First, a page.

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Getting Started with Wolverine as Message Bus


While today it is perfectly possible to use multiple transport types in a single Wolverine application, each separate transport can only connect to a single message broker. This may change in the future depending on user demand.

There's certainly some value in Wolverine just being a command bus running inside of a single process, but now it's time to utilize Wolverine to both publish and process messages received through external infrastructure like Rabbit MQ or Pulsar.


To put this into perspective, here's how a Wolverine application could be connected to the outside world:

Wolverine Messaging Architecture


The diagram above should just say "Message Handler" as Wolverine makes no structural differentiation between commands or events, but Jeremy is being too lazy to fix the diagram.

Configuring Messaging

There's a couple moving parts to using Wolverine as a messaging bus. You'll need to configure connectivity to external infrastructure like Rabbit MQ brokers, set up listening endpoints, and create routing rules to teach Wolverine where and how to send your messages.

The TCP transport is built in, and the "local" in memory queues can be used like a transport, but you'll need to configure connectivity for every other type of messaging transport adapter to external infrastructure. In all cases so far, the connectivity to external transports is done through an extension method on WolverineOptions using the Use[ToolName]() idiom that is now common across .NET tools.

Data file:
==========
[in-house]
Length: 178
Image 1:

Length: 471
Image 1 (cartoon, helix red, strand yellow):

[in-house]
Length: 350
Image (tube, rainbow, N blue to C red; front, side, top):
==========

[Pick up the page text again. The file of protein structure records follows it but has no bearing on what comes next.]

For an example, here's connecting to a Rabbit MQ broker:

using Oakton;
using Wolverine;
using Wolverine.RabbitMQ;

var builder = WebApplication.CreateBuilder(args);

builder.Host.UseWolverine(opts =>
    // Using the Rabbit MQ URI specification:
    opts.UseRabbitMq(new Uri(builder.Configuration["rabbitmq"]));

    // Or connect locally as you might for development purposes

    // Or do it more programmatically:
    opts.UseRabbitMq(rabbit =>
        rabbit.HostName = builder.Configuration["rabbitmq_host"];
        rabbit.VirtualHost = builder.Configuration["rabbitmq_virtual_host"];
        rabbit.UserName = builder.Configuration["rabbitmq_username"];

        // and you get the point, you get full control over the Rabbit MQ
        // connection here for the times you need that

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Listening Endpoint Configuration

Sending Endpoint Configuration

Released under the MIT License.